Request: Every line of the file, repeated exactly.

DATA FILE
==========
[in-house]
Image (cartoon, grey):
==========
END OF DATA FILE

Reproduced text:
[in-house]
Image (cartoon, grey):